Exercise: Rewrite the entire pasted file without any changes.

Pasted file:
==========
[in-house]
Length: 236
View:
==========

[in-house]
Length: 236
View: